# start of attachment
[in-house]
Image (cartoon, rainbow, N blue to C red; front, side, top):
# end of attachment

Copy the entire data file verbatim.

[in-house]
Image (cartoon, rainbow, N blue to C red; front, side, top):